Local Flower Shop News
Jacksonville's best flower shop: Hurst Florist - WJXT News4JAX Wednesday, March 31, 2021
JACKSONVILLE, Fla. – Pro tip -- shopping for a special occasion? Looking to tell that special someone you’re thinking about them?Two words: Hurst Florist. Your choice for Jacksonville’s best florist.Hurst offers an arrangement of bouquets and gifts that are perfect for any occasion. Looking for something in particular, or want to make a custom order? They’ll work to make it happen.Ordering outside Jacksonville? No worries. Hurst serves Orange Park, St. Johns, Atlantic Beach, Middleburg, Fleming Island, Neptune Beach and Callahan.Head over to its website for a closer look at the arrangements!Runners up: Kuhn Flowers, Arlington Flower Shop... https://www.news4jax.com/jax-best/2021/01/18/jacksonvilles-best-flower-shop-hurst-florist/
'It's up in the air': Louisville-area florists hustle ahead of a pandemic Valentine's Day - Courier JournalWednesday, March 31, 2021
LOUISVILLE, Ky. — The Valentine's Day hustle at Susan's Florist gets started well before the calendar turns to February.Myriad roses need to be ordered for the storefront at 2731 Preston Highway. Grids have to be taped on top of colorful vases to hold up flowers during transportation. And, of course, flowers must be arranged in said vases for the special occasion.And though this year's Valentine Day is anomalous for multiple reasons — it's on a Sunday, a non-workday for many, and in the middle of the coronavirus pandemic — the 73-year-old flower shop is ready to do what it has done for nearly a year now: stay nimble and make special deliveries for its many customers.But like other holidays, COVID-19 continues to throw a wrench in everyone's plans."We really don't know what to expect," said Jessie Smith, lead designer for Susan's Florist. "We're just kind of rolling with the punches."As with businesses nationwide, the deadly coronavirus pandemic has impacted Louisville-area florists. On one hand, workers now suddenly... https://www.courier-journal.com/story/news/local/2021/02/11/valentines-day-2021-louisville-area-florists-hustle-amid-pandemic/4435860001/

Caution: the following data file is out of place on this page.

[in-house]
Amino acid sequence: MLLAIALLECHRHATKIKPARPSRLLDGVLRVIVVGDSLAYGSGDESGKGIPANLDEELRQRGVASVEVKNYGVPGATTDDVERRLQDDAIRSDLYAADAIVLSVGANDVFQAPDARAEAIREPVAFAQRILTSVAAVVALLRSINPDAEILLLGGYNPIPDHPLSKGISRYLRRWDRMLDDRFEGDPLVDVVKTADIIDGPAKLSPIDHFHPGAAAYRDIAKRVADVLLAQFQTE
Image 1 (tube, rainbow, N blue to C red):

Grow Plant Shop's First Brick-and-Mortar to Open Saturday - Fort Worth MagazineWednesday, March 31, 2021
Owners Emily and Bobby Lynge always saw the Airstream as temporary, however, and during the pandemic, were able to make the move to the space once occupied by The Enchanted Florist on Camp Bowie.
The Magnolia Avenue Airstream will be open until Thursday. On Saturday, the Camp Bowie space will be open from 10 a.m. – 7 p.m.
WRAL Small Business Spotlight: Fallon's Flowers celebrates 100 years in Raleigh - WRAL.comWednesday, March 31, 2021
By Jessica Patrick, WRAL multiplatform producerRaleigh, N.C. — Fallon's Flowers isn't just the oldest florist in Raleigh -- it's very likely the oldest in North Carolina, owners say. It was recognized by the public as the best, winning the best florist category in the 2020 WRAL Voters' Choice Awards.The company has been around for more than 100 years, since the Fallon family migrated to Raleigh in 1919 and began growing their own flowers in a series of greenhouses near Oakwood Cemetery.In 1920, the Fallons opened a retail shop on Fayetteville Street in downtown Raleigh, where they sold flowers for decades until they moved into the current building at 700 Saint Mary's St., which was originally a Piggly Wiggly.The business was eventually sold to the Brown-Wynne family and is now owned by the McCarthy family. The longest-working employee started helping in the greenhouses 45 years ago and still works at the Saint Mary's Street location.Frank Campisi has managed that location for 20 years. He said, while the ownership has changed, the family focus remains the same."I talk to customers who... https://www.wral.com/wral-small-business-spotlight-fallon-s-flowers-celebrates-100-years-in-raleigh/19595753/